- Yi L, Liang Y, Wu H, Yuan D: The analysis of Radix Angelicae Sinensis (Danggui). J Chromatogr A. 2009, 1216: 1991-2001. 10.1016/j.chroma.2008.07.033.View ArticlePubMedGoogle Scholar
- Mak DH, Chiu PY, Dong TT, Tsim KW, Ko KM: Dang-Gui Buxue Tang produces a more potent cardioprotective effect than its component herb extracts and enhances glutathione status in rat heart mitochondria and erythrocytes. Phytother Res. 2006, 20: 561-567. 10.1002/ptr.1904.View ArticlePubMedGoogle Scholar
- Li YD, Ma YH, Zhao JX, Zhao XK: Protection of ultra-filtration extract from Danggui Buxue Decoction on oxidative damage in cardiomyocytes of neonatal rats and its mechanism. Chin J Integr Med. 2011, 17: 854-859. 10.1007/s11655-011-0897-6.View ArticlePubMedGoogle Scholar
- Chiu PY, Leung HY, Siu AH, Poon MK, Dong TT, Tsim KW, Ko KM: Dang-Gui Buxue Tang protects against oxidant injury by enhancing cellular glutathione in H9c2 cells: role of glutathione synthesis and regeneration. Planta Med. 2007, 73: 134-141. 10.1055/s-2006-957068.View ArticlePubMedGoogle Scholar
- Meng H, Zhu MZ, Guo J, Sun JY, Pei JM, Huang C: [The study on angiogenesis activity of danggui, chuanxiong and danshen]. Zhong Yao Cai. 2006, 29: 574-576.PubMedGoogle Scholar
- Xin YF, Zhou GL, Shen M, Chen YX, Liu SP, Chen GC, Chen H, You ZQ, Xuan YX: Angelica sinensis: a novel adjunct to prevent doxorubicin-induced chronic cardiotoxicity. Basic Clin Pharmacol Toxicol. 2007, 101: 421-426. 10.1111/j.1742-7843.2007.00144.x.View ArticlePubMedGoogle Scholar
- Zhang S, He B, Ge J, Li H, Luo X, Zhang H, Li Y, Zhai C, Liu P, Liu X, Fei X: Extraction, chemical analysis of Angelica sinensis polysaccharides and antioxidant activity of the polysaccharides in ischemia-reperfusion rats. Int J Biol Macromol. 2010, 47: 546-550. 10.1016/j.ijbiomac.2010.07.012.View ArticlePubMedGoogle Scholar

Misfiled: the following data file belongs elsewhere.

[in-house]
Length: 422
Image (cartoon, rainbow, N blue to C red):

- Chu CH, Lo JF, Hu WS, Lu RB, Chang MH, Tsai FJ, Tsai CH, Weng YS, Tzang BS, Huang CY: Histone acetylation is essential for ANG-II-induced IGF-IIR gene expression in H9c2 cardiomyoblast cells and pathologically hypertensive rat heart. J Cell Physiol. 2012, 227: 259-268. 10.1002/jcp.22728.View ArticlePubMedGoogle Scholar
- Pang JJ, Xu RK, Xu XB, Cao JM, Ni C, Zhu WL, Asotra K, Chen MC, Chen C: Hexarelin protects rat cardiomyocytes from angiotensin II-induced apoptosis in vitro. Am J Physiol Heart Circ Physiol. 2004, 286: H1063-H1069.View ArticlePubMedGoogle Scholar
- Kuo WW, Liu CJ, Chen LM, Wu CH, Chu CH, Liu JY, Lu MC, Lin JA, Lee SD, Huang CY: Cardiomyoblast apoptosis induced by insulin-like growth factor (IGF)-I resistance is IGF-II dependent and synergistically enhanced by angiotensin II. Apoptosis. 2006, 11: 1075-1089. 10.1007/s10495-006-7028-4.View ArticlePubMedGoogle Scholar
- Chen QM, Tu VC: Apoptosis and heart failure: mechanisms and therapeutic implications. Am J Cardiovasc Drugs. 2002, 2: 43-57. 10.2165/00129784-200202010-00006.View ArticlePubMedGoogle Scholar
- Sharov VG, Todor A, Suzuki G, Morita H, Tanhehco EJ, Sabbah HN: Hypoxia, angiotensin-II, and norepinephrine mediated apoptosis is stimulus specific in canine failed cardiomyocytes: a role for p38 MAPK, Fas-L and cyclin D1. Eur J Heart Fail. 2003, 5: 121-129. 10.1016/S1388-9842(02)00254-4.View ArticlePubMedGoogle Scholar